What may be less obvious is that some very healthy oils aren't good options for cooking with
Olive oil isn't just for dipping bread into and coconut oil doesn't need to be reserved only for exotic tropical cooking.
With concerns around the negative effects of having vegetable oils and animal fats, it may be time to consider some healthier alternatives. And oils like avocado, olive, and coconut are coming into their own.
Mainstream cookbooks, celebrity chefs, and a growing number of regular folk are making the switch. Here's a look at the best options for your health.
Extra Virgin or Virgin Coconut Oil
Extra virgin coconut oil can make you feel like you're on some exotic getaway all year round. Except you don't have to travel to make the most of its health benefits!
The oil can help rev up metabolism that's slow or sluggish. If you're someone who's at risk of developing metabolic syndrome or have hypothyroidism, this makes the oil an especially good choice.
Lauric acid, the major fatty acid in the oil is antimicrobial and can kill harmful viruses, fungi and bacteria that make their way into your food. It can even fight oxidative stress in your body especially that sustained as a result of heavy drinking, as some researchers found.
Just remember hydrogenated coconut oil is not healthy due to the high heat and pressure it is subjected to during processing.
The American Heart Association recommends you cut down on saturated fat intake, including in the cooking oils you consume, to cut risk of heart disease and stroke.
Which is why they suggest olive oil among the healthy alternatives you should switch to. Of the most common cooking oils, extra virgin olive oil (EVOO) has the lowest oxidation rate which means it doesn't result in the kind of free radical damage that other vegetable oils do.
EVOO can also help cut inflammation in your body due to its Omega 3 fatty acid content. This helps act a shield for your system against inflammatory conditions like hypertension, coronary artery disease, cancer, and rheumatoid arthritis.
What's even better is that it also contains a lot of antioxidants. You'll be able to get a good amount of vitamins A, D, E, and even K, through olive oil. And these can benefit everything from your eyes, hair, and skin, to your blood.
Avocadoes as fruit have come recommended for years by health experts for the heart-healthy fats they contain. What not everyone knows is that its oil contains the goodness of monounsaturated omega-9 fatty acid oleic acid, much like olive oil.
And like olive oil, it cuts inflammatory response in the body lowering risk of metabolic syndrome. Animal studies have found that it positively alters cardiovascular risk profile markers.
It also contains lutein, a caretenoid that can improve eye health and reduce risks of age-related macular degeneration and cataract.
Using them right
Even if you have the healthy oils stocked up, if you use them wrong you could be missing out on the benefits from them.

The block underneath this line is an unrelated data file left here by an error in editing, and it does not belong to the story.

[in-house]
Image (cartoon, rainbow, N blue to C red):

Be sure to store your oils carefully without exposing them to direct sunlight or bright lights as this can cause them to oxidize, developing free radicals that are potentially harmful. A cold dry place like a cupboard is best, especially if you intend using them slowly over a long period of time.
Sometimes, you may need to swap what oils you use for each kind of cooking. Here's how:
- Pick oils that have a high smoking point if you need to fry your food. That means EVOO is a bad idea, because it has a very low smoking point but olive oil is fine.
- For roasting, steaming, baking, or using in cold food, EVOO and the other healthy oils work like a charm.
- Avocado oil is also great for sautéing vegetables because of its distinctive flavour that enhances the taste of the meal.
- If you're grilling or roasting food at a high temperature, avocado oil is better than olive oil because it has a higher smoking point.
- Coconut oil too has a low smoking point is best used for low temperature sautéing or baking.
A common concern is whether or not to reuse oil after you've cooked with it once.
This is typical when you use a whole lot of oil for deep frying and think twice about tossing it all out after just one use. Unfortunately, heating the oil to such high temperatures even once destabilizes it, causing it to break down.
The more you reuse it, the worse it gets. One thumb rule to check if oil has decomposed during cooking is to look at colour, consistency, smell, and clarity.
Has it turned darker? Has it become thicker and almost gummy in consistency? Does it have foam on top? Is it cloudy? Does it have an acrid smell? If you answered yes to any of these, it is time to toss it out.
Besides this, if you have heated your oil to over 375°F, it may accumulate HNE ( 4-hydroxy-2-trans-nonenal), a toxic substance that can raise your LDL cholesterol levels and increase your risk of Alzheimer's, atherosclerosis, stroke, liver disease, and Parkinson's.